Now behind, Gauff settled down in the wind and found her footwork again and, while both continued to double-fault, the American was the better mover down the stretch, and handled the pressure.

“It definitely gives me a lot of confidence because I know I can tough it out in those tough moments,” Gauff said. “These are the type of players that I need to have to beat if I want to win a Grand Slam.

“So these matches are giving me more confidence. And I know how it feels in those moments against these players. They’re not going to give you anything and you shouldn’t expect that.”

The Roland Garros finalist also booked her place in her 6th quarter-final of 2022 so far, and 4th in her last 5 tournaments.

Her overall season record is now 30-14, and the result claimed the teenager’s 3rd Top 10 win of the year.

Simona Halep was a straight sets winner over Jil Teichmann and will face Coco Gauff in the quarter-finals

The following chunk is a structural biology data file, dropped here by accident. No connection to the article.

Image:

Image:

© Vaughn Ridley/Getty Images

Gauff’s quarter-final test will be against No 15 seed Simona Halep, after the former World No 1 from Romania defeated Switzerland’s Jil Teichmann, 6-2 7-5, in 91 minutes, and against whom the American has yet to win a set in 3 previous meetings.

“She’s super young,” Halep said. “She’s powerful, she’s strong. So it’s going to be a tough match like always. We played a few times together.

“It’s a big challenge for me again to play quarters here in Canada.

“I feel confident, but I know that it’s going to be tough. So tomorrow’s a new day and I will fight like today for my match.”

Meanwhile, Pliskova, the 2021 runner-up, fired down 10 aces on the way to her 3-set win over the powerful Sakkari, the World No 4.

She could not serve out the match at 5-4 in the second set, and Sakkari did not convert her 2 set points at 6-5 either.

The Czech grabbed 3 match points in the second-set tiebreak, but the Greek withstood them all before converting her 4th set point to level the clash.

Pliskova regrouped and romped to a 5-1 lead in the decider, but she dropped her serve in that game despite holding her 4th match point, and needed to save a final break point at 5-3 before at last nailing her 6th to book her quarter-final spot.

It was a topsy-turvy, two-and-a-half-hour show-down with Sakkari that took Pliskova, a former World No 1, back to over .500 with her 13-12 win-loss record for the season.

Although Pliskova had not faced a Top 10 player this year before this match, she gritted her way to victory over the Greece, and has now won her last 4 matches against Top 5 opposition.